A: MAYBE - but this is not recommended.  The employee cannot work in tourist status so a change of status to H-1B would have to be filed once the employee enters the US.  The employee cannot return to work until this change of status is approved by the USCIS.

Q: My employee currently holds a green card.  She is outside the US and plans to return in July 2020.  Can she return on her green card?

A: YES – the April Proclamation exempts US Legal Permanent Residents from the ban.

Q: My company has filed a green card case for our future employee who is a nurse.  We are a staffing company and do not yet know at which of our client sites the nurse will be assigned to work.  Can the nurse enter the US?

A: MAYBE – Under current interpretation, the nurse may enter the US on a green card for any reason.  Later this summer, the Trump Administration may narrow the ban and require nurses to be treating patients who are currently hospitalized with Covid-19.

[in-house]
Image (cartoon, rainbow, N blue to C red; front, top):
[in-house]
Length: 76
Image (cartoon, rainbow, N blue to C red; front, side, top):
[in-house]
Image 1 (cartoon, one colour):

Q: My employee is currently in the US working for my company on OPT as an F-1 student.  My company has filed an H-1B for this employee which was selected in the H-1B lottery and is currently in process with the USCIS.  Will the H-1B be impacted by the ban?

A: NO – because this is a change of status from F-1 to H-1B, the employee will not be impacted.  However, the employee should not travel outside the US, as he will not be able to get an H-1B visa stamp and return.

Q: My employee is in the US on an H-1B and has no plans to travel.  Can I sponsor this employee for a green card?

A: YES – the there is no prohibition against filing green card cases from inside the US.  Employees can still “adjust status.”

Q: My employee holds an H-1B that will expire later this year.  Can I file an extension of the employee’s H-1B status?

A: YES – the there is no prohibition against filing for an extension, amendment, or transfer of an H-1B.